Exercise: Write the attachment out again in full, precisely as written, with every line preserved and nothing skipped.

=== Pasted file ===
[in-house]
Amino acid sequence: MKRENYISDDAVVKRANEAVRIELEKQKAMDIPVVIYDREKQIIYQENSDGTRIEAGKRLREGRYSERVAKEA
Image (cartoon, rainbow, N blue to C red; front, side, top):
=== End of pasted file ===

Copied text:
[in-house]
Amino acid sequence: MKRENYISDDAVVKRANEAVRIELEKQKAMDIPVVIYDREKQIIYQENSDGTRIEAGKRLREGRYSERVAKEA
Image (cartoon, rainbow, N blue to C red; front, side, top):